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Packaging Never Tasted So Good: The Brave, New World of Edible Wrappers

A gazpacho-stuffed tomato membrane? If edible packaging catches on, it could transform the way we eat—and how much plastic we waste.

Some people have a lot of ideas. Inventor and chemical engineer David Edwards chronicles the ones he makes happen on his personal website—everything from text books he's written to new companies he's started. In the past, he figured out a way to make and sell "breathable" food, but his latest idea, and the startup he founded to commercialize it, is one that actually may change the way we eat.


WikiCells is a form of edible packaging that will attempt to eliminate society's wasteful addiction to packaging—millions of tons worth end up in landfills each year, according to the EPA. According to the new venture's website, the idea for WikiCells is rooted in the way nature has always delivered nutrients: in a digestible skin "held together by healthy ions like calcium." Apples, potatoes, tomatoes: they all have an edible exterior that protects the treat within. Even something that isn't exactly delicious—like a citrus peel—finds its way into the kitchen in the form of zest.

"This soft skin may be comprised primarily of small particles of chocolate, dried fruit, nuts, seeds, or many other natural substances with delicious taste and often useful nutrients," writes the WikiCells team. "Inside the skin may be liquid fruit juice, or thick pudding." So far Edwards and his collaborators—chief among them the industrial designer François Azambourg—have experimented with a gazpacho-stuffed tomato membrane, a wine-filled grape-like shell, and an orange juice-laden orb with a shell that tastes like, you guessed it, an orange. Possibilities like an edible milk bottle or yogurt container are not out of the question.

This summer WikiCells plans to market ice cream in an edible shell to a French audience—a high-tech version of something the Japanese have long enjoyed: ice cream-stuffed mochi.

Image courtesy of WikiCells

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Julian Meehan

Young leaders from around the world are gathering at the United Nations Headquarters in New York Saturday to address arguably the most urgent issue of our time. The Youth Climate Summit comes on the heels of an international strike spearheaded by Greta Thunberg, the 16-year-old climate activist from Sweden, who arrived in New York via emissions-free sailboat earlier this month.

Translated from Swedish, "berg" means "mountain," so it may feel fated that a young woman with Viking blood in her veins and summit in her name would be at the helm. But let's go out on a limb and presume Thunberg, in keeping with most activists, would chafe at the notion of pre-ordained "destiny," and rightly so. Destiny is passive — it happens to you. It's also egomaniacal. Change, on the other hand, is active; you have to fight. And it is humble. "We need to get angry and understand what is at stake," Thunberg declared. "And then we need to transform that anger into action."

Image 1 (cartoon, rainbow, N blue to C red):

This new generation of activists' most pernicious enemy is denial. The people in charge — complacent politicians and corporation heads who grossly benefit from maintaining the status quo — are buffered from real-life consequences of climate change. But millions of people don't share that privilege. For them, climate change isn't an abstract concept, but a daily state of emergency, whether it comes in the form of "prolonged drought in sub-Saharan Africa…devastating tropical storms sweeping across Southeast Asia, the Caribbean and the Pacific…[or] heatwaves and wildfires," as Amnesty International reportsare all too real problems people are facing on a regular basis.

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"We need to act right now to stop burning fossil fuels and ensure a rapid energy revolution with equity, reparations and climate justice at its heart," organizers say.

There's no doubt the visual images from the marches send a powerful message to those on the ground but especially those watching from around the world. GOOD's own Gabriel Reilich was on the scene for the largest of the Climate Strikes. Here are 18 of the best signs from the Climate Strike march in New York City.

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September 20th marks the beginning of a pivotal push for the future of our planet. The Global Climate Strike will set the stage for the United Nations Climate Action Summit, where more than 60 nations are expected to build upon their commitment to 2015's Paris Agreement for combating climate change.

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Major US phone carriers have yet to build out the infrastructure necessary to provide a consistent 5G experience, so Apple didn't feel it necessary to integrate the technology into its latest iPhone.

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via I love butter / Flickr

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"A lot of people don't pay attention to their dreams and are unaware of the impact they have on their state of mind," said Dylan Selterman, psychology lecturer at the University of Maryland, says according to The Huffington Post. "Now we have evidence that there is this association."

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